Claas Relotius, who wrote for the German magazine Der Spiegel, was an impressive investigative reporter who had earned himself a spot on Forbes's "30 Under 30" list for European media and won CNN's "Journalist of the Year" award in 2014. He had composed over 60 articles for Der Spiegel and was largely lauded for his work. However, after an internal investigation, the magazine was shocked to discover the star reporter had fabricated at least 14 of his reports.
The scandal “marks a low point in the 70-year history of Der Spiegel,” according to the publication.
The piece that proved to be his "undoing" and exposed seven years of "large scale journalistic fraud" was his report on "Jaeger's Border," which focused on a group in Arizona conducting patrols along the border to Mexico. In his reporting Relotius had failed to reach out to some of the most prominent people in the story. No matter. He made up his own characters and quotes.
Claas Relotius committed his deception intentionally, methodically and with criminal intent. For example, he included individuals in his stories who he had never met or spoken to, telling their stories or quoting them. Instead, he would reveal, he based the depictions on other media or video recordings. By doing so, he created composite characters of people who actually did exist but whose stories Relotius had fabricated. He also made up dialogue and quotes.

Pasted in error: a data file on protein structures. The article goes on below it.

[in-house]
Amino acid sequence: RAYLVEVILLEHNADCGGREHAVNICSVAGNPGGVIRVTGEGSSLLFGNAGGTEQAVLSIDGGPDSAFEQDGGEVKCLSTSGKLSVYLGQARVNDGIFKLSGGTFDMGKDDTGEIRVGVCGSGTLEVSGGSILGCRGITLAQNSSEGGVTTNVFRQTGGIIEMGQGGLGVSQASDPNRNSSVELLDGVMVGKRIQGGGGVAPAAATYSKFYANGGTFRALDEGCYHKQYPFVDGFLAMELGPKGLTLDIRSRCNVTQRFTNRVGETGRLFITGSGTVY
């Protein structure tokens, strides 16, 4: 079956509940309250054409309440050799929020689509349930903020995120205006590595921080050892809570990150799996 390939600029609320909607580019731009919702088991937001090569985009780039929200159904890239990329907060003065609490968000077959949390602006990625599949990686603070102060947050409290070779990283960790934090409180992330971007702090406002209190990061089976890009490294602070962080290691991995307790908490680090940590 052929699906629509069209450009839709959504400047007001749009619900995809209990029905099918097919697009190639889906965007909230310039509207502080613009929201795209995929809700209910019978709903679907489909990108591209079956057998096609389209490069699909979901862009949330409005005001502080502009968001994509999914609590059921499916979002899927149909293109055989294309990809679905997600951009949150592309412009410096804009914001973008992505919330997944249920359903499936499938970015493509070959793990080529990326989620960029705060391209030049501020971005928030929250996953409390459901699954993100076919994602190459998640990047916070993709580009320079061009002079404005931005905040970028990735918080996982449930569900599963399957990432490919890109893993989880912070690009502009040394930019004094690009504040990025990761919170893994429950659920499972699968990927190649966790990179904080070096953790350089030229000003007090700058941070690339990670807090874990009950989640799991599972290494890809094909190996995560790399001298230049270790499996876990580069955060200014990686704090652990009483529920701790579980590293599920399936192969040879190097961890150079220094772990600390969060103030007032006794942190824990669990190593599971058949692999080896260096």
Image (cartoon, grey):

Another of his fabricated stories was his report on the town of Fergus Falls, Minnesota entitled, "Where they pray for Trump on Sundays." In his attempt to apparently make the town's citizens seem racist and sexist, Relotius even made up people that didn't actually exist.
What Relotius produced were "endless pages of an insulting, if not hilarious, excuse for journalism,” according to investigators.
A Minnesota Public Radio writer ripped apart Relotius's report point by point.
Here are just a few of the other reports Relotius published that are being investigated for suspicious content.
Several major features Relotius wrote for Der Spiegel that were also nominated for or won journalism awards are now under scrutiny, according to the magazine.
Among them, "The Last Witness," about an American who allegedly travels to an execution as a witness, "Lion Children," about two Iraqi children who have been kidnapped and reeducated by the Islamic State, and "Number 440," a feature about alleged prisoners at the US detention facility in Guantanamo Bay, Cuba.
Relotius's troubles with the truth got him fired from Der Spiegel, forced him to relinquish his CNN title, and seek mental help.
“I am sick and I need to get help,” Relotius reportedly told the magazine.
"It has now become clear that Claas Relotius, 33 years old, one of DER SPIEGEL's best writers, winner of multiple awards and a journalistic idol of his generation, is neither a reporter nor a journalist," Spiegel online said of the matter. "Rather, he produces beautifully narrated fiction."
Other journalists faced similar reckonings once their outlets found out they had been waging misinformation campaigns. Stephen Glass was fired from The New Republic magazine after they learned he had made up dozens of stories. Jayson Blair faced the same fate at the New York Times when editors learned he had plagiarized much of his material.